March 18, 2018: Rev Anna Fulmer
We are going ahead in time. Palm Sunday might be next week, but here, in the Scripture it has happened. Before this passage in Mark, Jesus has paraded into Jerusalem. He has cleansed the temple. Right before this, in the temple the chief priests, scribes, and elders come to Jesus and question his authority. Right after, in the temple, Jesus tells this parable and flips the accusations onto them. Let us read now from:
Imagine this: you live in a culture where everyone owns land. In fact, your family was given a piece of land when they came into the Promised Land. It was part of God’s promise to you and to all of the other families and tribes. Everyone farms. You grow everything you eat, and most years, you grow enough to survive. But one year crops did not come in properly. There was no rain, and so your crops shriveled and died. So you borrowed some food from your neighbor a few miles away; you worked for someone else. But then the next year was a bad year and then the next. Eventually, you are in major debt. You cannot pay back all of the food and seed you have borrowed. You become a debt slaves, working on a neighbor’s land then tending to your own late at night. But you refused to sell your land; your land is sacred. It is a gift from God. It is more than just land. The only way you will get out of debt is through your land; it is your only hope. But eventually, the wealthy start taking the poor’s land, amassing big properties, and building big farms. Vineyards. They started growing cash crops, like grapes for wine, olives for oil—foods that were for the elite. And so, because of your debt, your land is taken. You have no hope; no future. You have no more rights; there’s no way to make enough to survive working on another person’s land. With little hope, what would you do?
This was the reality for many in ancient Israel. In order for us to understand this parable, we have to know a little bit about the economics of Israel and of another vineyard, the Lord’s vineyard in Isaiah 5. Jesus takes Isaiah’s image of a vineyard and twists it. In Isaiah’s time and Jesus’ time, injustice is all around. The wealthy start taking the poor’s land. It caused a huge disruption in the economics laid out by God originally, and it started major forms of exploitation. If you had no land in Israel, you could not get out of poverty. Because wealth is tied to land. Fewer and fewer peasants owned land, and so they become further degraded and victimized.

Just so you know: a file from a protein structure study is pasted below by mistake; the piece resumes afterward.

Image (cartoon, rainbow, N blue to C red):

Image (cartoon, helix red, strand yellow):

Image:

Both landowners in Isaiah and Mark are wealthy and their wealth comes at the price of another’s suffering. A man in Israel could only acquire land to build a vineyard by taking it from someone else, by foreclosing on the loans of poor peasants. And only the wealthy would plant something like grapes. You must wait four years before vineyards will begin harvesting grapes good for wine. This man in Mark has power; he has money; he has time. This vineyard used to be someone else’s land, and now they probably are working on that land, their land, just as a debt slave or sharecropper. How hard would that be! I would want to rebel too and get my land back! Isaiah speaks out against the people for what they are doing to God’s vineyard—he warns them that God will make this vineyard, their vineyards into wastelands, because “God expected justice, but saw bloodshed; righteousness, but heard a cry!” (Isaiah 5:7).
Everyone in Israel knew about these practices of taking the poor’s land. They also knew who was wealthy enough to own these large vineyards—people like the chief priests, elders, and scribes. These three groups are the “institutional trinity,” and all of them are present for this parable. These people are powerful; they are the educated of the society. They are wealthy. And they have achieved this wealth through taking the land, the birthright, the livelihood of a peasant. Their plan in coming to Jesus is to expose him, but the tables are turned in this parable and Jesus exposes these leaders’ fake piety and practices.